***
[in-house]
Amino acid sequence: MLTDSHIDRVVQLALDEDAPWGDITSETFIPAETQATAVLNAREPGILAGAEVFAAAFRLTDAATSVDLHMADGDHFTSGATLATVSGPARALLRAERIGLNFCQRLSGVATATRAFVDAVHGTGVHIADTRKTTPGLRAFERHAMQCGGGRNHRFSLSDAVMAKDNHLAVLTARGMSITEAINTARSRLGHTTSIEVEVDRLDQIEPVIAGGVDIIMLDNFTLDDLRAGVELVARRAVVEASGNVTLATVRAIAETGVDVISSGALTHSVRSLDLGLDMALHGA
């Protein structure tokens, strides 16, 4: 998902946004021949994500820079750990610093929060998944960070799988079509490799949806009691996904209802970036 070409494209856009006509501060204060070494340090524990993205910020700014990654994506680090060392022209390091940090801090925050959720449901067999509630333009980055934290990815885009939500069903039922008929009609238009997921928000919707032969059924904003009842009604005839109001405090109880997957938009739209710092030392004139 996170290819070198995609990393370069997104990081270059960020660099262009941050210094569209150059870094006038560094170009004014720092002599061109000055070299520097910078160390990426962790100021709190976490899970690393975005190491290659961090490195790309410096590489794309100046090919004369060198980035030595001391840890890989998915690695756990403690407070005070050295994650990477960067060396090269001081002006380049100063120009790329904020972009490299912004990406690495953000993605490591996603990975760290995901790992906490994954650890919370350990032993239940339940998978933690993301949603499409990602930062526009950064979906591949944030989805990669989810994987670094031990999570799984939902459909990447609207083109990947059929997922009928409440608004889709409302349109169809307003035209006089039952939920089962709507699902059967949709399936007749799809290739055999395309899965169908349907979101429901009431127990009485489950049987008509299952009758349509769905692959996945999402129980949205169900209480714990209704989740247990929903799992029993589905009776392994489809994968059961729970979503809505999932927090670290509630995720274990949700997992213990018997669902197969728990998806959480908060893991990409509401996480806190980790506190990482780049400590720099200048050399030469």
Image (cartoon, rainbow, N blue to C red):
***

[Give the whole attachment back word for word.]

[in-house]
Amino acid sequence: MLTDSHIDRVVQLALDEDAPWGDITSETFIPAETQATAVLNAREPGILAGAEVFAAAFRLTDAATSVDLHMADGDHFTSGATLATVSGPARALLRAERIGLNFCQRLSGVATATRAFVDAVHGTGVHIADTRKTTPGLRAFERHAMQCGGGRNHRFSLSDAVMAKDNHLAVLTARGMSITEAINTARSRLGHTTSIEVEVDRLDQIEPVIAGGVDIIMLDNFTLDDLRAGVELVARRAVVEASGNVTLATVRAIAETGVDVISSGALTHSVRSLDLGLDMALHGA
């Protein structure tokens, strides 16, 4: 998902946004021949994500820079750990610093929060998944960070799988079509490799949806009691996904209802970036 070409494209856009006509501060204060070494340090524990993205910020700014990654994506680090060392022209390091940090801090925050959720449901067999509630333009980055934290990815885009939500069903039922008929009609238009997921928000919707032969059924904003009842009604005839109001405090109880997957938009739209710092030392004139 996170290819070198995609990393370069997104990081270059960020660099262009941050210094569209150059870094006038560094170009004014720092002599061109000055070299520097910078160390990426962790100021709190976490899970690393975005190491290659961090490195790309410096590489794309100046090919004369060198980035030595001391840890890989998915690695756990403690407070005070050295994650990477960067060396090269001081002006380049100063120009790329904020972009490299912004990406690495953000993605490591996603990975760290995901790992906490994954650890919370350990032993239940339940998978933690993301949603499409990602930062526009950064979906591949944030989805990669989810994987670094031990999570799984939902459909990447609207083109990947059929997922009928409440608004889709409302349109169809307003035209006089039952939920089962709507699902059967949709399936007749799809290739055999395309899965169908349907979101429901009431127990009485489950049987008509299952009758349509769905692959996945999402129980949205169900209480714990209704989740247990929903799992029993589905009776392994489809994968059961729970979503809505999932927090670290509630995720274990949700997992213990018997669902197969728990998806959480908060893991990409509401996480806190980790506190990482780049400590720099200048050399030469």
Image (cartoon, rainbow, N blue to C red):